Plywood for fine furniture – fine woodworking
Print In these tough economic times, it’s tempting to skimp on solid wood and opt for plywood to save a few pennies. What do you think? Are you a solid-wood purist? If not, how do you use plywood in your furniture?
Take our poll, check out our list of tips for working with plywood, and then weigh in with a comment below. Do you have any other tips for working with this flat and stable material?
Veneered plywood works well in built-ins, panels, or even large tabletops since it doesn’t fall prey to wood movement in the way that solid panels do. And, plywood covered with nice hardwood veneer and some solid-wood edging gives it the feel of a solid-wood piece.
For instance, Mark Edmundson created this freestanding cabinet to take advantage of the benefits of plywood. Namely, that many of the “best logs are scooped up by veneer mills” and he wanted to use them for his work.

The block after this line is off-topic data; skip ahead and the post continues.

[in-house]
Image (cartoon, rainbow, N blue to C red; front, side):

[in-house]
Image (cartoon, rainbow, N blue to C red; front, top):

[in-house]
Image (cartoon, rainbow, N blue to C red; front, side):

Mario Rodriguez, in 6 Ways to Edge Plywood, even ranks plywood innovations right up there next to the invention of the tablesaw.
If and when you incorporate this handy material into your work, below are some helpful tips.
Dadoes and biscuits are good joints for plywood
Hide unattractive edges with edge banding or face frames
Be careful trimming edging to avoid damaging the veneer
Avoid the standard 3/4-in. plywood look by creating thicker, custom panels. Just glue two 1/4-in. plywood to a core of MDF.
Use caution breaking down large sheets on the tablesaw. Get a helper if you can for your first cuts.
Or cut roughly to size with a circular saw and then make finish cuts on the tablesaw
If pieces are too large for the tablesaw, make finishing cuts with a router with an edge guide
Avoid tearout by scoring the cut or covering it with tape
A zero-clearance throat plate also helps to reduce tearout
Use a triple-chip blade with a high tooth count for ripping and crosscutting
Delivery pays: Let the supplier deliver hardwood-veneer plywood to reduce the risk of damage in transit